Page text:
The Covid Life – Emotional Distance.

How do you do the long distance love? Parents, cousins, friends.

Yes, we do the video-calling and the normal calling and the whatsapp messages. But these are not ordinary times to just keep in touch in a passive detached way. Every thing seems to be tangled up in every thing. News, moods, love.

We consistently find the answer in everyday little things. Good mornings, breakfast photos, a call to say hi, lunch photos, a non-sensical joke forward, sharing a song i hummed all day, sunset photos, sending them reiki healing, daily game of ludo, analysis of the game, jibes over how dad’s always focused on killing us all, slightly heavy goodnights because none of us know how tomorrow will fare but we are hopeful.

It is a hell of a lot of work. Sensitivities are at peak and emotions are swinging like never before. Some days you tick all the boxes and arguments still break out but you don’t have the luxury to be upset for a whole day because none of us know how tomorrow will fare but yes, we are still hopeful.

Then we hunt for ways to keep the connection going in a purely mechanical way. Ludo comes in handy again. Play, kill, throw a six, start again. Hesitatingly share another dinner photo and hope you get a reply or even just an emoticon. Gauging cautiously, you make that call just to say goodnight and you sleep yet again with a slightly heavy heart because none of us know how tomorrow will fare but we are hopeful.

I read somewhere, ridiculous times like these call for ridiculous amounts of love. Yes please, love. Even when you feel like you can’t, LOVE. Baby steps 🙂

Remnants of a Separation

Every once in a while you come across a book that makes you feel deeply. Remnants of a Separation is one where the author takes you on a journey through endings, beginnings and more importantly the chaotic and heartbreaking in-betweens experienced by some of the families who were victims of the divide on both sides of the border. Traveling back to another time with them and feeling what they felt, living their memories through artefacts and heirlooms they carried during the migration.

During these times, it provides the human lens of seeing people as people, emotions as emotions through the partition, without any other biases.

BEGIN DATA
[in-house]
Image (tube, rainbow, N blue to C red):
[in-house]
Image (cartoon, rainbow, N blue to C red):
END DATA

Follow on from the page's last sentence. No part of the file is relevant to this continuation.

Remnants of a Separation, in all honesty it was the cover art that first caught my eye. Chapter 4: The Maang-Tikka of Bhag Malhotra ♥️

The author has a twitter and instagram account where she shares more, and it has become a morning ritual of sorts to go check for updates.

Wine happens.

So, our kitchen sink has a big leak, possibly water pipe broken and needs a plumber urgently. Here is how whatsapp conversation with husband (on his rare day working from office) went:

Me: so, he’ll fix it tomorrow?

Him: no, assuming wall needs to be broken, will take a few days

Me: my kitchen is a mess, he needs to find an immediate temp solution

Him: may not happen tomorrow

Me: this sucks, I may have wine

Him: nice (sarcastic nice), today is the 17th, may have wine

Him: today is Thursday, may have wine

Him: the sky is blue today, may have wine

Me: it’s my birthday month

Him: october is the follow-up to birthday month, may have wine

And, it went on. My partner in w(h)ine, he does not drink 🙂

The Covid Life – Balcony series.

This tiny strip of land we call balcony.

Home to our plants, our chai dates, deep conversations.

Our connection to the outside. Moving cars on the road providing some semblance of normalcy. Heavy downpours, lightning and cloud drama giving us company on otherwise lonely days.

Our comfort space to go to after petty arguments because living together 24 hrs also takes a toll some days. To shut the balcony door firmly. To go stare outside. The vast expanse of the sea providing comfort to the restless soul.